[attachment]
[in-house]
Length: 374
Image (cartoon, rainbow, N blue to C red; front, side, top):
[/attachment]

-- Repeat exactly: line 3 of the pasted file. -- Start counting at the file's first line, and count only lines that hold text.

Image (cartoon, rainbow, N blue to C red; front, side, top):